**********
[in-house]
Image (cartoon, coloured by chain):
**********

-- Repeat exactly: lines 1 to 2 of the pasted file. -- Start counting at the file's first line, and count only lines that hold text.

[in-house]
Image (cartoon, coloured by chain):